Politics in Utah can be as variable as spring weather. Here are some forecasts as the tulips sprout and the political season kicks off. Utah is losing its top two legislative leaders this year. What will be the legacy and future of retiring House Speaker Greg Hughes and Senate President Wayne Niederhauser?
Pignanelli: "Politics, like theater, is one of those things where you've got to be wise enough to know when to leave." — Gov. Richard Lamm
These two public servants, with very different backgrounds and personalities, achieved incredible political success. Furthermore, their diverse approach sustains my long-held belief regarding the different characteristics between Utah-born Mormons and those raised elsewhere.
Niederhauser, in a deliberative manner, fostered changes that will dramatically impact state government for decades. Compelling efficiencies in regulation, taxation and economic development are hallmarks of his influence. Hopefully, a governor will tap his skills to lead an effort to recommend needed changes to the higher education system. Regardless, Niederhauser will be remembered as a great president.
Hughes arrived in Utah a young whirlwind and never stopped spinning. With flashes of temper, passion and charm, he instilled classic conservative principles into legislative arguments. Yet Hughes laid the legislative groundwork to help parents of autistic children. This compassionate and practical side to his nature was revealed to the entire state last year through efforts to eliminate criminal activity and homelessness in Salt Lake City. Hughes’ political career is not over, and he is a likely governor candidate in 2020. But grateful Utahns will recall Hughes as the speaker who — through force of personality — pacified and rehabilitated downtown.
Niederhauser and Hughes set a new standard for future presidents and speakers. I appreciate their leadership, and conclusively proving my amateur sociological theory regarding personality differences between native and transplanted Utahns. (I'm expecting a call from the Nobel Prize committee)
Webb: Neiderhauser and Hughes are very different in temperament and style — but both are very effective and have served the state well. Neiderhauser is understated, common-sense and dignified, but was always looking to the future, determined to position Utah for long-term success. He focused on infrastructure needed to cope with rapid growth, and sponsored legislation to ensure future mobility. He was also resolute in seeing that the Senate won its share of fights with the House.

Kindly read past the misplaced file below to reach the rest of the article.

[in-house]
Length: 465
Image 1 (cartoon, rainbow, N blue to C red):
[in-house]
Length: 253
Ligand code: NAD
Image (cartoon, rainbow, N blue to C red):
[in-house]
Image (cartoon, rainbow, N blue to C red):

Hughes is a vocal and emotional street fighter, but he doesn’t (usually) go over the edge into bullying. With his forceful focus on homelessness, his leadership at the Utah Transit Authority and his passion battling the opioid crisis, he revealed nuances and complexities that defy the usual stereotype of a right-wing ideological conservative.
I’m hopeful Niederhauser will at some point want to return to the public arena. Hughes clearly wants to run for governor and will likely be a strong competitor in a crowded field. Many other lawmakers have announced retirements. How will this affect the elections and the future of the Legislature?
Pignanelli: Most freshman legislators in 2019 will have garnered signatures to be on the nomination primary ballot, with some participation in the delegate/convention system. Furthermore, these newcomers utilize social media at greater levels.
Candidates who secured their nomination through signatures are less strident in tone, yet demanding of efficiencies in the government process. Thus, vacancies open opportunities for moderate Democrats and Republicans — changing how the Legislature deliberates and communicates.
Webb: The turnover is about average, but some colorful characters are leaving. But, never fear, no shortage exists of interesting personalities who are attracted to politics. Senior lawmakers are already maneuvering to secure enough caucus votes for top leadership positions. Watch Sen. Stuart Adams and Rep. Brad Wilson as they seek to ascend to the top. As expected, a federal appeals court upheld SB54, which means candidates can collect signatures or use the caucus/convention system, or do both, to qualify for the primary election ballot. Will Republican hardliners continue appeals, possibly to the U.S. Supreme Court?
Pignanelli: The activists will request a hearing to the entire Court of Appeals and then the Supreme Court — all will be denied. They would consider taking their cause to the United Nations — but hate that organization.
Webb: If the far right’s wealthy benefactor grants them more money (so much for their criticism of big money in politics), they might appeal. In the meantime, all candidates should ignore the machinations and dictates of the Central Committee and feel secure in gathering signatures to get on the ballot.
As I’ve written previously, should the hardliners ever win in court (very unlikely), the Republican Party as we know it will be wrecked. Mainstream Republicans will never return exclusively to the outdated caucus/convention system. They would leave en masse, and Utah’s Grand Old Party would be a shriveled skeleton of its former self.